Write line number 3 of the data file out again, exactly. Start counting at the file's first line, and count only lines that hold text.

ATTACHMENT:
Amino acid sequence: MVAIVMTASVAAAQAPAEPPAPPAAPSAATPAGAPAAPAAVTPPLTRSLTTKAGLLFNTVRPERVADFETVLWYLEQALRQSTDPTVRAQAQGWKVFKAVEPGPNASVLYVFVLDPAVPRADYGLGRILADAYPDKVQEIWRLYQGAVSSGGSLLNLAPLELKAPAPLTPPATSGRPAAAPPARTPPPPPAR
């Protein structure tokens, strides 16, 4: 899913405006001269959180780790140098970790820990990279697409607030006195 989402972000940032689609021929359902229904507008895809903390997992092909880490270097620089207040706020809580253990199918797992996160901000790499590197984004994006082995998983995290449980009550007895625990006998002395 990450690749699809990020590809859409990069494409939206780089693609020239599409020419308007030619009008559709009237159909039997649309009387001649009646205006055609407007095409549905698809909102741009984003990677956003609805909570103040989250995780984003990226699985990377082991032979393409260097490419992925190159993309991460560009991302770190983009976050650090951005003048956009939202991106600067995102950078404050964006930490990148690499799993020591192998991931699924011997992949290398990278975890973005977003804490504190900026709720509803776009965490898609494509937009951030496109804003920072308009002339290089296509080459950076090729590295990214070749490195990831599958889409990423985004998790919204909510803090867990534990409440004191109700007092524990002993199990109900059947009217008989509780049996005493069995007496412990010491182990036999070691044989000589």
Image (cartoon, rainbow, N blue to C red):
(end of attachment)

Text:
Image (cartoon, rainbow, N blue to C red):